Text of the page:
In addition, she is the artistic developer for a young girl group named DJHK Gurls. She pens original songs, drama skits and monologues for the group that deal with messages that affect today’s youth, such as bullying.
You can visit BLESSEDselling Author E. N. Joy at www.enjoywrites.com or email her at firstname.lastname@example.org.
Purchase One Sunday at a Time by E. N. Joy
Sin and Suffer
by Beverly Taylor
Have you ever wondered whether the sins of your ancestors have an effect on your life today? Are generational curses real?
Meet Big Blue. The husband of the pastor's daughter. Big Blue suffers with sexual addiction. His sickness leads to deviant activities and eventually his death. He leaves behind five children, three from his wife and two from his prostitute lover. He passes his lustful spirit to his offspring. Or have he?
A son of Big Blue is Willie Moss, alias Ba'Bruh, alias, Rev. William Braxton. Ba’Bruh has lead a life of havoc, destruction, deception, wickedness, and everything in between. But it's not all his fault. In the 1960's, at the age of 12, his grandmother, a highly respected pastor of a pentecostal church in the town of Cottonplant, Georgia, forced him to commit murder and then she ran him out of town so that it could not be traced back to her.
Ba'Bruh lives in the streets and in and out of prison for most of his young adulthood before he is sentenced to a lengthy prison term as a result of a corrupted district attorney name Nick Papally. Ba'Bruh became Nick's street informant and Nick sets him up to commit a bank robbery which Ba'Bruh is later identified as the armed robber. When he is released from prison, Nick offers him a life as a well-paid preacher of a large congregation where the two of them become involved in fraudulent ministry.
However, the table turns when Ba'Bruh meets Nick's wife and falls in love with her. Ba'Bruh wrestles with the notion of plotting to interfere in his marriage so that he can have his wife. But when the DNA results came back regarding Nick's stepdaughter's child, it revealed that Nick was the biological father and he is sent to prison for statutory rape, sodomy, and impregnating a minor. While Nick is in prison, the associate pastor finds out that Ba'Bruh is a fraud and she plots to have him removed from the church so that she can resume the senior pastor position that she has long lusted after.
We also meet Big Blue's other children: Vivian, Luther and Paula. These are the children he conceived with his wife. Vivian is a prostitute and Luther is homosexual. Paula seems to be the only child untouched by her father's curse of sexual perversion.
Big Blue's twins, Lil' Gurl and Ba' Bruh, from his extra-marital affair with a prostitute, play a crucial role in all of the family drama. It is interesting to see how the lives of all of these characters play a role in Nick's life in the most unusual and explosive ways.
Many sinister and vile occurrences take place within the story such as adultery, prostitution, murder and deadly violence. The characters are confronted with continuous accounts of sheer madness due to their perfidious and wretched lifestyles, primarily refocusing on Blue’s and Nick’s lifestyle.
Hold on to your seat and your stomach because you are about to embark upon the roller coaster ride of your life! Sin and Suffer has suspense, deception, lust, debauchery, lies, malice, and more! It's mayhem with a message.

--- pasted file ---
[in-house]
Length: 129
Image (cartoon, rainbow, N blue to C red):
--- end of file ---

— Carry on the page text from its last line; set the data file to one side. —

Excerpt: Sin and Suffer by Beverly Taylor
At exactly 9:14 a.m., two black men wearing eye masks entered the Wellington National Trust Bank. One of them jumped over the counter waiving a .38 special, blue steel, snubnose pistol with a walnut grain handle, shouting, “Ev’body down. Ev’body hit the flo’ an’ keep yawl head down.”
One of the four customers that were in line had lain on her stomach and tried to take a sneak peek. “Don’t look at me! Don’t yawl freakin’ look at me! I said keep yawl head down,” he yelled mercilessly. The woman quickly tucked her head inside her arm.
His partner pulled the shades down on the doors and front windows and yelled at the two tellers to pull the shade at the drive-thru. The robber standing on the counter looked at the overweight security guard and told his partner to grab his gun. The security guard offered no resistance. He said, “Yawl go ’head, it ain’t my money. Take whatever yawl want, just don’t hurt nobody.” The way he was carrying on, one would think he was in on it too.
One gentleman, probably the branch manager, was standing at a file cabinet in his large window office. He was reviewing papers he’d pulled from a hanging file. If he’d been sitting at his desk, he might’ve had time to press the emergency button underneath it to signal for help.
“C’mon up outta there,” the bank robber standing on the counter yelled at him. “Close that doe and don’t try no funny stuff either. You try to be a super hero and you’ll end up a dead one.” The branch manager was moving in slow motion. “Hurry up, man,” the robber snapped. “Get over there with the rest of ’em.” The robber’s gun followed the professionally dressed supervisor cautiously. The man dropped to his knees and landed face down to join the others.
The bandit standing on the counter was handsome. He had a tree trunk colored complexion, full lips, and beautiful straight teeth. All he needed was a good dental hygienist to clean them. His beard and mustache needed trimming and his hair could stand to be re-braided.
The other thief was clean-shaven. He had a wide nose and thick lips to match. His hair locked into dreads. He looked fresh—styling and profiling in some overpriced, name brand gear called PEEPS. His entire upper grill was solid platinum with a dollar symbol engraved on a front tooth. It appeared as if they’d pulled this gig before in order for him to afford that expensive cheese work.